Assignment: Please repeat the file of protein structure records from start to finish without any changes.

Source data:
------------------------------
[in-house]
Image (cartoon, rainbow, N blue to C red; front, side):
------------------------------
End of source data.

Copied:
[in-house]
Image (cartoon, rainbow, N blue to C red; front, side):